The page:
Public needed to curb fake news
Fake news -- either in the form of misinformation or disinformation -- has contributed to social and political conflicts, and according to a recent report on by researchers under USAID, it has shaped public opinion in some Asian countries. While critics call on tech companies and governments to solve the problem, increasing digital literacy among the public is the best solution to fake news.
The report, entitled "How Information Disorder Affirms Authoritarianism and Destabilizes Democracy", has shed light on how certain actors are spreading misinformation online. If Thai netizens do not start paying attention to the kinds of information they consume, the political divide between liberals and conservatives in the kingdom will continue to grow for years to come.
The Dec 16 report highlights cases of misinformation found on websites in Kyrgyzstan, Nepal, Papua New Guinea (PNG) and Thailand. Even though the researchers have pointed fingers at foreign actors from China and Russia, they have also admitted that some misinformation efforts across the region come from local actors.
The issue itself is complex.
In the central Asian Kyrgyz Republic, researchers noted how a former customs official was involved in hiring trolls to influence public perception during an election. In South Asian Nepal, they found that foreign and domestic actors hold information disorder campaigns distorting efforts to improve community relations, disaster relief and human rights. In the Pacific nation of Papua New Guinea, internal and external forces aimed to drive narratives on alleged government corruption and accusations of witchcraft against women.
Though these are just some examples, but misinformation has consequences.
In Kyrgyzstan, populist ethnic nationalism is up; in Nepal, freedom of speech is being curtailed by the government; in PNG, prejudice against the LGBT community and people with HIV or Covid-19 is on the rise.
Meanwhile in Thailand, researchers found that information manipulation campaigns undermine order by "fostering narratives that justify authoritarian rule while vilifying pro-democracy efforts as unpatriotic".
As a result, anti-government political activists in Thailand are often portrayed as "un-Thai" and favouring Western-imported democratic values.
"Fake news" is not a new concept in society -- disinformation, misinformation and malinformation have plagued humanity since biblical times. More recently, in the 1930s and 40s, Adolf Hitler's Nazi regime in Germany spread false narratives on Jewish populations across Europe to garner public support.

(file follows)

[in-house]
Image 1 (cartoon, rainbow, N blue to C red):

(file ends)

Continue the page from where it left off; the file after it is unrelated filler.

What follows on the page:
In Indonesia in the 70s, 80s and 90s, anti-communist propaganda was widespread, resulting in prejudice and discrimination against anyone branded a socialist. Likewise, anti-communist propaganda propelled by the state media in Thailand during the 70s played a major role in creating a climate of hatred and fear that led to a bloody crackdown on pro-democracy protesters in 1973 and 1976.
About 74% of people living in Thailand use social media, and this can be problematic if netizens do not know how to filter information themselves, instead solely relying on tech giants to police their social media spaces.
While there is no magical solution to the problem of misinformation plaguing countries across Asia, the USAID report suggests reducing the supply of misleading online content using innovative technology that can recognise linguistic patterns and characters as a possible misinformation mitigation strategy.
"Making use of such technological innovations, many social media companies have adopted seemingly more proactive approaches to reducing the supply of disinformation and malinformation via their platforms," the report said.
It also suggests that countries like Thailand create a national platform to host independent fact-check systems, and this should be considered. Doing so will show that the government is committed to eradicating online misinformation.
One could argue that Facebook and other social media platforms should not censor the content posted on their sites and that people should have the right to consume any information they want.
But then how can we allow "fake news" to grow rampant online? Are humans destined to be eternally susceptible to it? One should know that these firms are not state-owned enterprises that have to closely abide by a different set of rules, they are private companies aiming to make profit.
Regardless of this, one thing is clear: in the age of information, without a sound national strategy or an action plan to deal with information disorder, any society divided by politics and wishing to reconcile will face many unnecessary difficulties along the way.
Bangkok Post editorial column
These editorials represent Bangkok Post thoughts about current issues and situations.
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